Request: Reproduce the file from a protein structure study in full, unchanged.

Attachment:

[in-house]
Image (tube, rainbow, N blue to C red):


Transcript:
[in-house]
Image (tube, rainbow, N blue to C red):